Creation and Chaos: A Reconsideration of Hermann Gunkel's Chaoskampf Hypothesis

Frontmatter -- Contents -- Preface -- Introduction -- Abbreviations -- Part 1. Creation and Chaos -- From Hesiod’s Abyss to Ovid’s rudis indigestaque moles Chaos and Cosmos in the Babylonian “Epic of Creation” -- On the Theogonies of Hesiod and the Hurrians An Exploration of the Dual Natures of Tešš...

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Contributors: Averbeck, Richard E (Contributor) ; Batto, Bernard F (Contributor) ; Beal, Richard H (Editor) ; Benz, Brendon C (Contributor) ; Campbell, Dennis R. M (Contributor) ; Feinman, Peter (Contributor) ; Frayne, Douglas (Contributor) ; Gilan, Amir (Contributor) ; Lambert, W. G (Contributor) ; Lundström, Steven (Contributor) ; Melvin, David (Contributor) ; Miller Ii, Robert D (Contributor) ; Pitard, Wayne T (Contributor) ; Scurlock, JoAnn (Contributor, Editor) ; Sonik, Karen (Contributor) ; Tugendhaft, Aaron (Contributor) ; Töyräänvuori, Joanna (Contributor)
Format: Electronic Book
Language:English
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Published: University Park, PA Penn State University Press [2021]
In:Year: 2021
Further subjects:B Mythology, Middle Eastern
B Monsters (Middle East)
B Religion And Politics History To 1500 Middle East Middle East
B Creation Mythology Middle East
B Religion And Politics (Middle East) History To 1500
B Monsters Middle East
B Creation Mythology (Middle East)
B Ancient / Generals / HISTORY
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Summary:Frontmatter -- Contents -- Preface -- Introduction -- Abbreviations -- Part 1. Creation and Chaos -- From Hesiod’s Abyss to Ovid’s rudis indigestaque moles Chaos and Cosmos in the Babylonian “Epic of Creation” -- On the Theogonies of Hesiod and the Hurrians An Exploration of the Dual Natures of Teššub and Kumarbi -- Creation in the Bible and the Ancient Near East -- Searching for Meaning in Genesis 1:2 Purposeful Creation out of Chaos without Kampf -- Part 2. Monster-Bas hing Myths -- The Fifth Day of Creation in Ancient Syrian and Neo-Hittite Art -- Once upon a Time in Kiškiluša The Dragon-Slayer Myth in Central Anatolia -- The Northwest Semitic Conflict Myth and Egyptian Sources from the Middle and New Kingdoms -- Yamm as the Personification of Chaos? A Linguistic and Literary Argument for a Case of Mistaken Identity -- Part 3. Gunkel and His Times -- Chaos and Creation Hermann Gunkel between Establishing the “History of Religions School,” Acknowledging Assyriology, and Defending the Faith -- Where Is Eden? An Analysis of Some of the Mesopotamian Motifs in Primeval J -- Babel-Bible-Baal -- Part 4. Power and Politics -- The Combat Myth as a Succession Story at Ugarit -- What Are the Nations Doing in the Chaoskampf? -- Part 5. Kampf and Chao -- The Combat Myth in Israelite Tradition Revisited -- The Three “Daughters” of Baʿal and Transformations of Chaoskampf in the Early Chapters of Genesis -- Part 6. Chaos and (Re)Creation -- Chaoskampf Lost—Chaoskampf Regained The Gunkel Hypothesis Revisited -- Making All Things New (Again) Zephaniah’s Eschatological Vision of a Return to Primeval Time -- Index of Authors -- Index of Scripture -- Index of Subjects -- Index of Ancient Texts and Objects -- Index of Words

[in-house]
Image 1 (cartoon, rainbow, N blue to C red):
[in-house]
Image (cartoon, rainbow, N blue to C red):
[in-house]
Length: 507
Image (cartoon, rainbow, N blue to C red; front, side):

Hermann Gunkel was a scholar in the generation of the origins of Assyriology, the spectacular discovery by George Smith of fragments of the “Chaldean Genesis,” and the Babel-Bibel debate. Gunkel’s thesis, inspired by materials supplied to him by the Assyriologist Heinrich Zimmern, was to take the Chaoskampf motif of Revelation as an event that would not only occur at the end of the world but had already happened at the beginning, before Creation. In other words, in this theory, one imagines God in Genesis 1 as first having battled Rahab, Leviathan, and Yam (the forces of Chaos) in a grand battle, and only then beginning to create.The problem with Gunkel’s theory is that it did not simply identify common elements in the mythologies of the ancient Near East but imposed upon them a structure dictating the relationships between the elements, a structure that was based on inadequate knowledge and a forced interpretation of his sources. On the other hand, one is not entitled to insist that there was no cultural conversation among peoples who spent the better part of several millennia trading with, fighting, and conquering one another.Creation and Chaos attempts to address some of these issues. The contributions are organized into five sections that address various aspects of the issues raised by Gunekl’s theories
Format:Mode of access: Internet via World Wide Web.
ISBN:1575068656
Access:Restricted Access
Persistent identifiers:DOI: 10.1515/9781575068657